“We’re just looking for a level playing field for small communities to get involved with ride-sharing,” Schreiner said. “Yes, we do want it to be safe … but we just want to be able to get into the process.”

A last-minute resolution asked the UBCM to have the province reconsider its decision to divert $25 million from the Rural Dividend Fund to help communities affected by the mill closures and curtailments. It asked for the government to find another source of funding.

“We polled and talked to people right straight across B.C. and this was identified over-and-over again because small rural and remote and Indigenous communities cannot get dollars for their projects,” said Grace McGregor, Regional District of Kootenay Boundary director.

After the conference, Horgan said the money was reallocated because it was available and there was an urgent need. He reiterated that the program will continue at a later date.

“I’m not at all concerned that people would prefer to have everything right now. When I was a kid I always wanted everything right now too and I ended up turning out OK even though I didn’t get everything I wanted at the time I wanted,” he said.

Delegates decided against asking the province to consider eliminating or reducing fines for those under age 18, and looking at restorative justice or community service for settling fare infractions by low-income people. However, they did endorse a call for free or further subsidized transit passes for those on income or disability assistance.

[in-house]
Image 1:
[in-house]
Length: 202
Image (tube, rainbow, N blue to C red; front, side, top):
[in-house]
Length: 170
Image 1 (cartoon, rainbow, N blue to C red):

A late resolution from the City of Port Coquitlam asking the UBCM to end its practice of accepting sponsorship and facilitating receptions from foreign governments was referred to the union executive.

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13Sep

Municipalities back Vancouver motion to push Ottawa for safer drugs

by admin

https://vancouversun.com/


Vancouver mayor Kennedy Stewart joined Dr. Patricia Daly, Chief Medical Officer for Vancouver Coastal Health, and Vancouver Fire and Rescue Service’s Capt. Jonathan Gormick to discuss the epidemic of drug-related deaths, at a press conference in Vancouver on Friday, September 6, 2019.


Jason Payne / PNG

Local governments across Canada will press the federal government to increase access to safer drugs, and declare a national health emergency in response to the fentanyl-driven overdose crisis, after a motion by Vancouver Mayor Kennedy Stewart was passed Friday.

Stewart’s motion, drafted with his overdose emergency task force, was approved by city council in July. Coun. Rebecca Bligh brought it to a Federation of Canadian Municipalities executive meeting this week.